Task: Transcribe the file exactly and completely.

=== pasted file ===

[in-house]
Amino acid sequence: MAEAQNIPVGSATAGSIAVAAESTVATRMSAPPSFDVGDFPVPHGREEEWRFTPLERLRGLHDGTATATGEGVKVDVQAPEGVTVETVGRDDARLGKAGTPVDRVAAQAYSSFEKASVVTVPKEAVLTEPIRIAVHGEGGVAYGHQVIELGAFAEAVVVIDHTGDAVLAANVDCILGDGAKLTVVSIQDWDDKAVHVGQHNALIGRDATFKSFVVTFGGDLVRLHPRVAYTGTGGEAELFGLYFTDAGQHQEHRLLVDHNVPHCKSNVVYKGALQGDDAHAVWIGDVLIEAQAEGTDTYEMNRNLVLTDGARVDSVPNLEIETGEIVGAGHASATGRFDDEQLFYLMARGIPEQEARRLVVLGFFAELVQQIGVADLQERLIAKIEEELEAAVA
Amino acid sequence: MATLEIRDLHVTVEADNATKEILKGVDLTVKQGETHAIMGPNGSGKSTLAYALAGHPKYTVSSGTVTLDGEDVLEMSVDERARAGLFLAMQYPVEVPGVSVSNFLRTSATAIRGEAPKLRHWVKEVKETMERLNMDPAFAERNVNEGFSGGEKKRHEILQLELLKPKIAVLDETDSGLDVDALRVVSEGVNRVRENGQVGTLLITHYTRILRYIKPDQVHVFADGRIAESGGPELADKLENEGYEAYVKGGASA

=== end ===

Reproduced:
[in-house]
Amino acid sequence: MAEAQNIPVGSATAGSIAVAAESTVATRMSAPPSFDVGDFPVPHGREEEWRFTPLERLRGLHDGTATATGEGVKVDVQAPEGVTVETVGRDDARLGKAGTPVDRVAAQAYSSFEKASVVTVPKEAVLTEPIRIAVHGEGGVAYGHQVIELGAFAEAVVVIDHTGDAVLAANVDCILGDGAKLTVVSIQDWDDKAVHVGQHNALIGRDATFKSFVVTFGGDLVRLHPRVAYTGTGGEAELFGLYFTDAGQHQEHRLLVDHNVPHCKSNVVYKGALQGDDAHAVWIGDVLIEAQAEGTDTYEMNRNLVLTDGARVDSVPNLEIETGEIVGAGHASATGRFDDEQLFYLMARGIPEQEARRLVVLGFFAELVQQIGVADLQERLIAKIEEELEAAVA
Amino acid sequence: MATLEIRDLHVTVEADNATKEILKGVDLTVKQGETHAIMGPNGSGKSTLAYALAGHPKYTVSSGTVTLDGEDVLEMSVDERARAGLFLAMQYPVEVPGVSVSNFLRTSATAIRGEAPKLRHWVKEVKETMERLNMDPAFAERNVNEGFSGGEKKRHEILQLELLKPKIAVLDETDSGLDVDALRVVSEGVNRVRENGQVGTLLITHYTRILRYIKPDQVHVFADGRIAESGGPELADKLENEGYEAYVKGGASA